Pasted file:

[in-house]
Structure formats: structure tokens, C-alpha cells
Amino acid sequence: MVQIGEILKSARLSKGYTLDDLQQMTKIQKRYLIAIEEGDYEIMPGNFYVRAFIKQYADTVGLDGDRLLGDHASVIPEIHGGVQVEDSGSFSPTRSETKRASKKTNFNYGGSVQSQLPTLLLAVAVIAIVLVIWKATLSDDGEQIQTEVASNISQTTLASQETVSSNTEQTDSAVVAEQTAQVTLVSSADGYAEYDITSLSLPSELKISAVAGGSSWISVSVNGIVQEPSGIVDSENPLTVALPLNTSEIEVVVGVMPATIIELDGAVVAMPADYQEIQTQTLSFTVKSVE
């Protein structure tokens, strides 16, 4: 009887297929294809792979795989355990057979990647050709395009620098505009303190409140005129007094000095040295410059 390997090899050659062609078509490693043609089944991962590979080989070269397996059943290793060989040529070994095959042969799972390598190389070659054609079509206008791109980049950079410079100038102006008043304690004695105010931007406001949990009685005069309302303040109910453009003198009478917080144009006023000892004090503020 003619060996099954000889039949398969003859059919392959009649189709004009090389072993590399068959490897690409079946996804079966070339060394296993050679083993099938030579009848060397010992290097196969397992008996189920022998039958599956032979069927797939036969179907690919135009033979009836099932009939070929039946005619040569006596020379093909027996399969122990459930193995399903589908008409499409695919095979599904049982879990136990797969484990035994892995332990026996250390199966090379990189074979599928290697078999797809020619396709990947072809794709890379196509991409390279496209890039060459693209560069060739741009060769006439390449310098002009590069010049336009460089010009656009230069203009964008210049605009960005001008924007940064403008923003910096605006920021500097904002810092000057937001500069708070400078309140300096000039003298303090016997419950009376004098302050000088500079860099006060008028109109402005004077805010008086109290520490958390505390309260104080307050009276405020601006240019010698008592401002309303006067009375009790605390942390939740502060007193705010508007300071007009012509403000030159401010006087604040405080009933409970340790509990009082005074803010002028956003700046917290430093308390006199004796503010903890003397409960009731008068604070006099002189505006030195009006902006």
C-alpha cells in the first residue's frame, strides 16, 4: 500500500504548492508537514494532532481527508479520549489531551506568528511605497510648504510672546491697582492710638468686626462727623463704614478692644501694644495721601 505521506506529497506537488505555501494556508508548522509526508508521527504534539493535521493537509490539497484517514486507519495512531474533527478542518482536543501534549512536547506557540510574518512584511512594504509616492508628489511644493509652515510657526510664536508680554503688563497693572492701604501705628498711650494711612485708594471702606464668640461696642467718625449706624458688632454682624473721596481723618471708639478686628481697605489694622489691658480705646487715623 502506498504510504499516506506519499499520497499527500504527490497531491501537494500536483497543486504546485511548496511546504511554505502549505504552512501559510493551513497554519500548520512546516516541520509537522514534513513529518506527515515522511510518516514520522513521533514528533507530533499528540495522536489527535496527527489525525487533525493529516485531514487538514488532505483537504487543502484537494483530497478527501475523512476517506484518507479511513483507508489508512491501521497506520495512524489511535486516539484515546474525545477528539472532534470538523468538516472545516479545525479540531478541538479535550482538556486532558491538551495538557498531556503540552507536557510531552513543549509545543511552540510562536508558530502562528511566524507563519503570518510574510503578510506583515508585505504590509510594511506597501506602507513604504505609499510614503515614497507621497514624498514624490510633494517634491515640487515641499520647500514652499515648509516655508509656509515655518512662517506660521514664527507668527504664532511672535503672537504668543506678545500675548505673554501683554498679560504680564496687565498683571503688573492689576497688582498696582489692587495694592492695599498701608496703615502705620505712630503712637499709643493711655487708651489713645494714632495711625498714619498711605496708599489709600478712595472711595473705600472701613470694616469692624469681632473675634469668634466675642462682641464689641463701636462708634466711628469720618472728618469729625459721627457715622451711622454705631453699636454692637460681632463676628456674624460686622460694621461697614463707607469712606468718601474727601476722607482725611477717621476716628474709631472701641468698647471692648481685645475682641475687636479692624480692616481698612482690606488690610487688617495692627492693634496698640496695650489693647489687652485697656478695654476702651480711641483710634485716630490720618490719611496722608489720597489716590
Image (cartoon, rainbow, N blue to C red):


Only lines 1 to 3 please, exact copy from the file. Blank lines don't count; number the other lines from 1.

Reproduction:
[in-house]
Structure formats: structure tokens, C-alpha cells
Amino acid sequence: MVQIGEILKSARLSKGYTLDDLQQMTKIQKRYLIAIEEGDYEIMPGNFYVRAFIKQYADTVGLDGDRLLGDHASVIPEIHGGVQVEDSGSFSPTRSETKRASKKTNFNYGGSVQSQLPTLLLAVAVIAIVLVIWKATLSDDGEQIQTEVASNISQTTLASQETVSSNTEQTDSAVVAEQTAQVTLVSSADGYAEYDITSLSLPSELKISAVAGGSSWISVSVNGIVQEPSGIVDSENPLTVALPLNTSEIEVVVGVMPATIIELDGAVVAMPADYQEIQTQTLSFTVKSVE